I like to shower but do not like hiking in the rain! However, I have ended up using the naked strategy - pack away most clothes and hike in wind siut (or rainsuit if it is cold). You get wet from the outside and inside both so may as well think of clothing as a wet-suit. I keep walking and take very short breaks. Once in camp I quickly change into insulating clothes and jump in the tent.

I also have a funny quirk - I hate to get my face and head wet. I find that if I have a good rain hat I do much better. I cannot stand hoods.

I also agree that in warmer temperatures, rain is primarily a comfort issue, but in cold rain, it becomes a safety issue.

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#95606 - 12/06/08 12:43 PM Re: Hiking in the RAIN [Re: wandering_daisy]
phat Offline
Moderator

Registered: 06/24/07
Posts: 4107
Loc: Alberta, Canada
Quote:
I like to shower but do not like hiking in the rain! However, I have ended up using the naked strategy - pack away most clothes and hike in wind siut (or rainsuit if it is cold). You get wet from the outside and inside both so may as well think of clothing as a wet-suit. I keep walking and take very short breaks. Once in camp I quickly change into insulating clothes and jump in the tent.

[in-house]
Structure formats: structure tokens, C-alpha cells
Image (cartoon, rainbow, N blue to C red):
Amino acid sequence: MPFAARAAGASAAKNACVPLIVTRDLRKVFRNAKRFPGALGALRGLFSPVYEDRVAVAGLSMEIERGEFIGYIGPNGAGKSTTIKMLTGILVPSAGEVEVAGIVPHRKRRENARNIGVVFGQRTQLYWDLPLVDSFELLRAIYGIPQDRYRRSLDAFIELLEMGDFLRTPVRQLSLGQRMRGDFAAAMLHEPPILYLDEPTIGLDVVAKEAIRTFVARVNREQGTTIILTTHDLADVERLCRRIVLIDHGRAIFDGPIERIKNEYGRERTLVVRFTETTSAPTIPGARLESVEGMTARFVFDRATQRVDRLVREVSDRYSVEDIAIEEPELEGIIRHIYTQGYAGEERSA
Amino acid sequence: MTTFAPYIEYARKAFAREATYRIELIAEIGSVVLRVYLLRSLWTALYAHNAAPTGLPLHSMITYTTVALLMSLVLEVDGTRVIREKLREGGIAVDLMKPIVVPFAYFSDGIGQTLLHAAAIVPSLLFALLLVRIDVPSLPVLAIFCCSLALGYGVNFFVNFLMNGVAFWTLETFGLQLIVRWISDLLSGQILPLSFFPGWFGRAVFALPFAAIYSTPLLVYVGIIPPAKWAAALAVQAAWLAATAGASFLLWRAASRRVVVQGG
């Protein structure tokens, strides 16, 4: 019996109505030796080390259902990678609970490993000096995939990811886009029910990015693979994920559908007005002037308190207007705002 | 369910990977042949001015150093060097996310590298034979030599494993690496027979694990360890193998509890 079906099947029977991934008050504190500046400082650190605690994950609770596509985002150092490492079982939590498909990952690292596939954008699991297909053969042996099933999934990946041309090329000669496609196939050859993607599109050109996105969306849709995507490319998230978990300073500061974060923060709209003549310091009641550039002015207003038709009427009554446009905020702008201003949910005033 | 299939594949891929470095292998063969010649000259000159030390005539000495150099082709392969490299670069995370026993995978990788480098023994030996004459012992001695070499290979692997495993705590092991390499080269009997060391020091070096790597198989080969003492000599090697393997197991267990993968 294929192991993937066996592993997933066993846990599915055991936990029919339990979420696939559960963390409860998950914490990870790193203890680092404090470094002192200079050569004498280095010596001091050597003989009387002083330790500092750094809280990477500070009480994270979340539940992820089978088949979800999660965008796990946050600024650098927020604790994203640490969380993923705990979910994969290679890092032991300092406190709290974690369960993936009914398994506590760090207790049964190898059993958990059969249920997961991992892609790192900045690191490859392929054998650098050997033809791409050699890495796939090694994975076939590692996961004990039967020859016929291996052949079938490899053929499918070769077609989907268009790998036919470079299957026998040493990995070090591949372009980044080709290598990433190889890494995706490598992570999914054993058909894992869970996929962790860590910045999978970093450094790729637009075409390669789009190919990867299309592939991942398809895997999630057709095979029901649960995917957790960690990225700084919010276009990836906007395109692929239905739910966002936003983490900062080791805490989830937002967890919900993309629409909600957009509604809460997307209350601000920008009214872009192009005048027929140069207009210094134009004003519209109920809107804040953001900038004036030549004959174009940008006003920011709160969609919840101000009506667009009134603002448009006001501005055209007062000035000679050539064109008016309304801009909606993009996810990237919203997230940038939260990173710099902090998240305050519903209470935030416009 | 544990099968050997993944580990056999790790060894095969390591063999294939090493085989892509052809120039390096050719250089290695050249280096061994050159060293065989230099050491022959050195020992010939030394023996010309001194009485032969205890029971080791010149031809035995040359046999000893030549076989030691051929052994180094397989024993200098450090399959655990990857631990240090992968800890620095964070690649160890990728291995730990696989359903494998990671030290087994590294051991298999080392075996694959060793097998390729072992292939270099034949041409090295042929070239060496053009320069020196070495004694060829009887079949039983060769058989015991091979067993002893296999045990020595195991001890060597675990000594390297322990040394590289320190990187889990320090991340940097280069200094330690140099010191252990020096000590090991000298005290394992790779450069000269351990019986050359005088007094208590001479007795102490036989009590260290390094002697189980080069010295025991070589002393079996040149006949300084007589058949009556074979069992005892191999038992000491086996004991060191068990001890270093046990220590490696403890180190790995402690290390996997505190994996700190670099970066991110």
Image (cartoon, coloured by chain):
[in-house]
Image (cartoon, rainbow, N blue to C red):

I also have a funny quirk - I hate to get my face and head wet. I find that if I have a good rain hat I do much better. I cannot stand hoods.

I also agree that in warmer temperatures, rain is primarily a comfort issue, but in cold rain, it becomes a safety issue.


That's not a funny quirk. I'm the same way, which is why you almost always see me in pictures with a brim hat. your strategy sounds very similar to mine. I still maintain my favorite rainger outside of a downpour is a 100 wt fleece and a windshirt - and then it's not about not being wet - it's about staying warm - and like you when I stop I change and get out of it.
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Any fool can be uncomfortable...
My 3 season gear list
Winter list.
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#95607 - 12/06/08 12:58 PM Re: Hiking in the RAIN [Re: phat]